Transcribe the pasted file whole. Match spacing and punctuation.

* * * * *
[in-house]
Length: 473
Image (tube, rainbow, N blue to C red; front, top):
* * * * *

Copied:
[in-house]
Length: 473
Image (tube, rainbow, N blue to C red; front, top):